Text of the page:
If there are end devices that are not HTTP-enabled connected to the captive portal interface, you can allow them to bypass captive portal authentication by adding their MAC addresses to an authentication whitelist.
When a user is authenticated by the RADIUS server, any per-user policies (attributes) associated with that user are also sent to the switch.
Captive portal on switches has the following limitations:
Captive portal does not support dynamic assignment of VLANs downloaded from the RADIUS server.
If the user remains idle for more than about 5 minutes and there is no traffic passed, the user must log back in to the captive portal.
Static MAC Bypass of Authentication
You can allow end devices to access the LAN without authentication on a RADIUS server by including their MAC addresses in the static MAC bypass list (also known as the exclusion list).
You might choose to include a device in the bypass list to:
Allow non-802.1X-enabled devices access to the LAN.
Eliminate the delay that occurs for the switch to determine that a connected device is a non-802.1X-enabled host.
When you configure static MAC on the switch, the MAC address of the end device is first checked in a local database (a user-configured list of MAC addresses). If a match is found, the end device is successfully authenticated and the interface is opened up for it. No further authentication is done for that end device. If a match is not found and 802.1X authentication is enabled on the switch, the switch attempts to authenticate the end device through the RADIUS server.
For each MAC address, you can also configure the VLAN to which the end device is moved or the interfaces on which the host connects.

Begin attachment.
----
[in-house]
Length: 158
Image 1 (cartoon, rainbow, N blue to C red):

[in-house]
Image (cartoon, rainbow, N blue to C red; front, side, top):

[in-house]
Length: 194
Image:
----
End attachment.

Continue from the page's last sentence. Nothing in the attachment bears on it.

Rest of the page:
When you clear the learned MAC addresses from an interface, using the clear dot1x interface command, all MAC addresses are cleared, including those in the static MAC bypass list.
Fallback of Authentication Methods
You can configure 802.1X, MAC RADIUS, and captive portal authentication on a single interface to enable fallback to another method if authentication by one method fails. The authentication methods can be configured in any combination, except that you cannot configure both MAC RADIUS and captive portal on an interface without also configuring 802.1X. By default, an EX Series switch uses the following order of authentication methods:
- 802.1X authentication—If 802.1X is configured on the interface, the switch sends EAPoL requests to the end device and attempts to authenticate the end device through 802.1X authentication. If the end device does not respond to the EAP requests, the switch checks whether MAC RADIUS authentication is configured on the interface.
- MAC RADIUS authentication—If MAC RADIUS authentication is configured on the interface, the switch sends the MAC RADIUS address of the end device to the authentication server. If MAC RADIUS authentication is not configured, the switch checks whether captive portal is configured on the interface.
- Captive portal authentication—If captive portal is configured on the interface, the switch attempts to authenticate the end device by using this method after the other authentication methods configured on the interface have failed.
For an illustration of the default process flow when multiple authentication methods are configured on an interface, see Understanding Access Control on Switches.
You can override the default order for fallback of authentication methods by configuring the authentication-order statement to specify that the switch use either 802.1X authentication or MAC RADIUS authentication first. Captive portal must always be last in the order of authentication methods. For more information, see Configuring Flexible Authentication Order.
Starting with Junos OS Release 15.1R3, if an interface is configured in multiple-supplicant mode, end devices connecting through the interface can be authenticated using different methods in parallel. Therefore, if an end device on the interface was authenticated after fall back to captive portal, then additional end devices can still be authenticated using 802.1X or MAC RADIUS authentication.
Understanding Access Control on Switches
You can control access to your network through a switch by using several different authentication methods—including 802.1X, MAC RADIUS, or captive portal.
Figure 2 illustrates the authentication process: